So far, so good. The book is a wonderful read for magicians or lay folk. Yes, the language is a bit salty but we doubt you expected anything else. If the book was nothing more than an enjoyable grouping of stories about this incredible performer's life and passions, it would be well worth the cover price. But the book is more – at least for us.
The purpose of the book is to convince the reader that Atheism is not just valid alternative to Theism and more specifically Christianity and Judaism; it is the only explanation that holds water. To be an atheist, he writes, you don't have to be smart, brave, a martyr or a saint. You need only to say "I don't know." Of course there is "I don't know" and there is "I don't know (and don't really care)." He distinguishes the Atheist's "I don't know" from the Agnostic's in a humorous but superficial way. And that is okay. Agnosticism does not hold much sway for Penn Jillette. He essentially rejects it as a serious school of thought within the first chapter.
Atheism and Theism are significant philosophical / theological concepts that have occupied the thoughts of great thinkers over the centuries. This book adds nothing to that legacy. But we think it was never intended to advance discourse on such a lofty subject. We are guessing Atheism was forced to fit over the story collection to provide an apparently unifying theme that just happened to be a great title for a book written by someone like Penn Jillette.
Penn Jillette is a gifted and entertaining writer of things magic and otherwise. We have reviewed his written work on this unworthy magic web site in the past and we’ll have a review of his newest book, God, No! Signs You May Already be an Atheist and Other Magical Tales next week.
Mr. Jillette could probably write a pretty decent Magic for Beginners book and teach basic sleights effectively. But that’s not how he chooses to use his remarkable talent. Like his silent partner, Teller, Mr. Jillette uses magic as a device or tool to offer his unique and usually correct perspective (from our point o’ view) of the topic or issue he has chosen to explain.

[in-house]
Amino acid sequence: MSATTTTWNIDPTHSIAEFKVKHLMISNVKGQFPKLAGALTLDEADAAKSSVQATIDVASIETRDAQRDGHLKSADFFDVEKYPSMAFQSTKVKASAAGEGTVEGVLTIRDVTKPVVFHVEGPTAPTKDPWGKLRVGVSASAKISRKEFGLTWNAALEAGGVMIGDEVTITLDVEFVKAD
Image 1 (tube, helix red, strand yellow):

His writing seems effortless and spontaneous. We would like to think that style is a result of thousands of drafts, re-writes, third-party editing, and gut-wrenching revisions.
We presume, however, his writing style reflects his true persona. We don’t have that gift. In fact, the sentence, “We don’t have that gift” took two and a half hours to craft. We began with “we not as good as he is at writing that way,” worked our way towards “he is better at writing than speaking and he is very good at speaking too,” and finally “We don’t have that same ability that he, Penn Jillette has.”
Our point? We like Penn Jillette’s writing.
In fact, we are not ashamed to say we would marry his writing if such a thing were possible. We don’t know if that makes us gay for wanting to marry the writing style of a man, but if it does, we’ll take those slings and arrows and make lemonade served in slings with arrows for stirrers. Continue reading “Penn Jillette: Card Trick as Rhetorical Tool”→
The article’s opening line is clever but belied by the real story. “Copperfield is no Penn pal,” says The New York Post‘s Gossip Column.
We are guessing it has something to do with Penn & Teller’s upcoming NBC Special. Got to stir the stink — especially during Sweeps Month.
The columnists don’t let up, though. “David Copperfield and Penn Jillette’s greatest illusion may be their supposed friendship.”
The faux controversy surrounds to Penn Jillette’s reaction to Mr. Copperfield’s plans to impregnate a girl on stage. Mr. Copperfield added, “Naturally, it will be without sex.”
Mr. Jillette snapped back “The only way Copperfield can reproduce is with a cheesy magic act.”
Before we go on we should note this controversy was less than a tempest in a teapot. There was only one paper covering it. Sure, the story was re-printed in The Las Vegas Review-Journal, but that’s about it.